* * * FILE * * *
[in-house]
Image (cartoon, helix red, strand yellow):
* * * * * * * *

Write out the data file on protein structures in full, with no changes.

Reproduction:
[in-house]
Image (cartoon, helix red, strand yellow):